is December 21st in my Dance
Inpirations advent calendar
My website hasn’t yet become what I once intended it to be, having been hijacked by exigencies and the mundane, but the fact that it’s here at all is thanks to a conversation with Thomas Edur. Some years ago I was chatting to him & Yat Sen Chang in a corridor at a party, having an animated discussion about musicality. It annoyed me at the time – as it still does now – that in some ways, it’s not that complicated an issue, despite the ink & frowns that are expended on it. All it needs is for people to address it, and in practical terms, keep music and musicality high on the agenda in the studio – what’s complicated & difficult is trying to get it there in the first place. I’ve met plenty of people whose approach to music, musicality in performance, and sensitivity to music is exemplary – Tom chief amongst them – and yet they are not often called upon to share it or discuss it, except for the occasional insight like this one from Thomas in a Radio 3 interview – “I remember being told when I was eight years old; “If you can sing the melody, then you can dance it.”
We were all roughly agreeing on this, when Tom came out with a sentiment that I agreed with so much, it’s haunted me ever since. With an angry desperation in his voice, he said “Who talks about the spirit of music?” Who indeed. That very thing that drives dancers and musicians to want to dance or make music, the thing that brings people to the theatre or concert hall, or to dance around in their living room, what happened to that? Why don’t teachers, and worse still, those who teach teachers, talk about the spirit of music? “Don’t watch me”, Tom once said in a rehearsal for his solo in Les Sylphides. “You just play how you want to play, because the point is I have to look like I am dancing to your music. If you follow me, it will look wrong”. It’s that kind of insight that I wish would become general knowledge.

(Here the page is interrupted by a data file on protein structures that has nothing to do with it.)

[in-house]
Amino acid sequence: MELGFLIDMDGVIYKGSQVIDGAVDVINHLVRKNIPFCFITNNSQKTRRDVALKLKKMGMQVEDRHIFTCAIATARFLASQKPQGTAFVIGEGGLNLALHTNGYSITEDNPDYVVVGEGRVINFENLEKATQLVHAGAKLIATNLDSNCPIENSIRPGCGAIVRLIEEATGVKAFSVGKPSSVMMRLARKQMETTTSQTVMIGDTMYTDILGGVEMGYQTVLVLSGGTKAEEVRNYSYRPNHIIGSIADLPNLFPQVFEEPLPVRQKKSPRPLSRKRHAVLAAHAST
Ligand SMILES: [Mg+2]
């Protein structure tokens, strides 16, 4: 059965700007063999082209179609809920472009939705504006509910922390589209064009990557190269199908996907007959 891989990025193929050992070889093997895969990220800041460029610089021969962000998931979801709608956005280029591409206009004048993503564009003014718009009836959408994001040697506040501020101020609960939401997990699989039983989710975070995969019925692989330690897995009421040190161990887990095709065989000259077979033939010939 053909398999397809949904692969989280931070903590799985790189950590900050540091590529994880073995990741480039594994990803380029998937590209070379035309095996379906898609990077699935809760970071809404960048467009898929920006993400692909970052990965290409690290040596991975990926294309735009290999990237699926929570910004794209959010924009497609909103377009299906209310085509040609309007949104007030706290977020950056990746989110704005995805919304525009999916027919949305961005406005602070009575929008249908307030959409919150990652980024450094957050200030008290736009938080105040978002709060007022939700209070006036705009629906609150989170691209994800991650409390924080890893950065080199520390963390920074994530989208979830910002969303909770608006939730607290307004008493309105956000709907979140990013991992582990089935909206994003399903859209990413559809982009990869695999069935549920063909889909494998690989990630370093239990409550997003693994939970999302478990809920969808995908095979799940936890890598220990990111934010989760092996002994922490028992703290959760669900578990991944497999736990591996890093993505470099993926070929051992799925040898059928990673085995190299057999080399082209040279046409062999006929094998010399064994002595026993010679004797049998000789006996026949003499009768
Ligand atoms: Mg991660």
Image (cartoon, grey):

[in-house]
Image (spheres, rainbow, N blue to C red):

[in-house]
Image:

Chang pointed out to me that it would be a very simple matter to host a website for such issues. The twinkle in my eye, as it were, was for a place where you could gather the wisdom of the great and the good and share it, and offer the world a place to discuss it. Well, that was the idea, that was how this website started, and although I don’t think I’ve achieved any of what I set out to do yet, maybe this advent calendar does go a little way towards celebrating and acknowledging the spirit of music in dance.
I was thrilled earlier this year when I was asked to play for Tom & Agnes in Derek Deane’s Impromptu at the Genée awards. I played for their first performance of this at the Teatro Colón in Buenos Aires in 1993, and there was something very lovely about revisiting it after all this time. Working with them is a delight. To be surrounded by so much warmth, friendliness, good humour and sense of humour, professionalism and inspiration is more than anyone could ask for in a job; to be on stage with them feels more ‘at home’ than being at home. For the spirit of music like Impromptu to live and breathe, you need all that. Who talks about the spirit of music?… Well, we do, at least.